The NUS’s demand to “Scrap VSU” also needs to be critically examined, in light of Labor’s position. Legislation implemented by the Howard government in July 2006 meant that universities were no longer able to compulsorily charge students a fee to finance student unions and campus organisations. Thus, “voluntary student unionism” or VSU, came into full effect on every Australian campus in 2007.
As the Socialist Equality Party wrote in 2005, one of the chief motivations for the introduction of VSU was to stifle political discussion on campus. Clubs and societies now face considerable difficulties in establishing themselves or gaining access to resources. Moreover, some $170 million annually in funds have been withdrawn from services such as childcare, sporting facilities, advocacy, and subsidised food outlets, upon which many students rely.
After initially opposing the VSU legislation, Labor reneged on its position last May in the lead up to the federal election. Since then, Rudd has explicitly ruled out returning to compulsory student unionism, and has committed to nothing in terms of providing student organisations with adequate resources.
In a media release on February 17th, Federal Minister for Youth and Sport Kate Ellis merely stated that the government would “work to ensure” that university students “have access to vital campus services”, including “childcare, healthcare, counseling and sporting facilities.”
To stifle potential opposition from students, Ellis recently carried out a nationwide tour of campuses in which she heard submissions from “representatives from universities, students, small business, sports and community groups” on the impact of VSU.
Rather than expose Labor’s hypocrisy, the NUS leadership has entirely adapted itself to it, promoting the lie that Labor is the only vehicle through which the demands of students can be met.
Last year, 2007 NUS president Michael Nguyen sought to justify Labor’s policy back flip when he declared on May 22nd, that the “old system” that existed before the VSU legislation was passed was “not the best”. In an NUS-run web forum Nguyen later insisted that “the reality is that if we don’t work with the ALP, we aren’t going to get any solution to VSU.” (See: http://groups.yahoo.com/group/nat_education/message/7308)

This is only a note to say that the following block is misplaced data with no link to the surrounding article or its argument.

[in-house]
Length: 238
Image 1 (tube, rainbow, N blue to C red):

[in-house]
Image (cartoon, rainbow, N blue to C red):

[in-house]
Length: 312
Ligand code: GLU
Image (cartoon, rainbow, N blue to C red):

McFarland has picked up where his predecessor left off. In a brief speech at the end of the NUS rally, the president failed to explain why VSU was introduced, or why Labor had changed its position.
Instead, he used the opportunity to promote the Labor Party. After insisting it was a “shame” that the Rudd government was not sufficiently listening to students, McFarland claimed the next two months, leading up to the May federal budget, was the time for the new government to say “we care about uni’s, about students.” The best thing students could do was to exert pressure on it.
In fact, the government has promised to slash billions of dollars from this year’s budget, a move which, in its own words, will bring “pain” to ordinary people. Rudd has, for example, announced that 2,000 jobs will be axed from Centrelink, the government agency that distributes benefits such as Youth Allowance.
The NUS has proposed its own new funding model for student organisations and services, which accepts entirely the “user-pays” principle that underpins both Labor and Coalition policy.
Under the NUS model, a compulsory HECS-style levy would be charged for student services. Students could then choose whether to become a member of their university student union. Fees from those students who chose not to would be used for a “Community Facilities Fund”, which would be used for such things as “student space, computer labs and sporting grounds.” In other words, students would be forced to subsidise the cost of university infrastructure and its maintenance.
The NUS also proposes that the government grant a “transition” fund to universities whose services and student organisations have had to shut since the introduction of VSU.
Students should completely reject any such “compromise” worked out between the Labor government and the NUS, and fight for their right to an education on the basis of an entirely opposed political perspective.